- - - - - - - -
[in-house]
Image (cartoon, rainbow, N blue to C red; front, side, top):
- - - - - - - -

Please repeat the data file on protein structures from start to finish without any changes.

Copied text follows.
[in-house]
Image (cartoon, rainbow, N blue to C red; front, side, top):